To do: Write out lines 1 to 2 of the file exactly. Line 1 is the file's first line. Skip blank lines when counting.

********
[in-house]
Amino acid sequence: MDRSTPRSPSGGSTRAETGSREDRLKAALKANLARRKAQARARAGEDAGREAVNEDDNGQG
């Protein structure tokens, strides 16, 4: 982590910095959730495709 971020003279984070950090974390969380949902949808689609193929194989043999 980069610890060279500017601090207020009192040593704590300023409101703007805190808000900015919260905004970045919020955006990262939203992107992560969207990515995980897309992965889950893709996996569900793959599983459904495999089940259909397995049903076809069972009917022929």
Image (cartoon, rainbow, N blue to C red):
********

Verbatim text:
[in-house]
Amino acid sequence: MDRSTPRSPSGGSTRAETGSREDRLKAALKANLARRKAQARARAGEDAGREAVNEDDNGQG